But rather than waiting for opportunities, this Administration is creating them. And one of our most powerful creations has been an amazing investment incentive called Opportunity Zones.
Few programs in modern history have the power to unleash the spirit of American enterprise as effectively Opportunity Zones.
Created in 2017 under the Tax Cuts and Jobs Act, Opportunity Zones are designed to spur private investments into economically distressed communities through extraordinary investment incentives. These incentives allow investors to defer and reduce their tax liability on capital gains by investing in new construction, rehabilitation, or businesses in designated low-income areas. In some cases, investors’ capital gains tax can be reduced all the way down to zero — as long as they keep their capital in vulnerable communities for the long-term.
There are nearly 35 million Americans now living in the roughly 9,000 distressed areas currently designated as Opportunity Zones, which are comprised of urban, suburban, and rural areas across all 50 states and five U.S. territories.
At their outset, Treasury Secretary Steven Mnuchin predicted that $100 billion [dollars] in private investment would be directed to local Opportunity Zone communities. This quantity of untapped capital could drive a renaissance into the Western States and across the country.
Some pundits thought that forecast was overly optimistic, but like so many other milestones surpassed by this Administration, we’re already closing in on that figure fast. For example, the National Council of State Housing Agencies announced last month that its Opportunity Zone Fund Directory had expanded to nearly $29 billion dollars in anticipated investments. Of those $29 billion dollars, 91 percent of funds plan to invest in multifamily residential, student housing, mixed-use, hospitality, or other commercial developments. And nearly 60 percent of funds plan to invest in affordable and workforce housing or community revitalization.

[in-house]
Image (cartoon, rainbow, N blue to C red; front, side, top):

We are also seeing countless positive reports from local public officials that anticipated investments in Opportunity Zones are stoking economic development into their neighborhoods. Cities across the country are developing Opportunity Zone investment prospectuses to attract private business – these hubs include: Louisville, Kentucky; Oklahoma City, Oklahoma; South Bend, Indiana; and Stockton, California.
As for direct impact, growth in acquisitions of developable sites in Opportunity Zones surged in 2018 compared to the rest of the country. According to Zillow, property sale prices in Opportunity Zones have appreciated at a rate of more than 20 percent, double the appreciation rate for eligible but not selected areas.
To ensure Opportunity Zones reach their full potential, last December, President Trump established the White House Opportunity and Revitalization Council, which I have the privilege to chair. Scott Turner is the Executive Director and he has been doing great work for us as well. The Revitalization Council — which consists of members from 16 federal agencies and federal-state partnerships — has a mission to make better use of public funds in the revitalization of economically distressed communities.